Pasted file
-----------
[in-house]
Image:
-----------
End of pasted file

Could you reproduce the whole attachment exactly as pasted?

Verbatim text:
[in-house]
Image: